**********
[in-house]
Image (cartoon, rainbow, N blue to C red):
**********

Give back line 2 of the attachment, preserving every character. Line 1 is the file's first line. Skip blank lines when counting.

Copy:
Image (cartoon, rainbow, N blue to C red):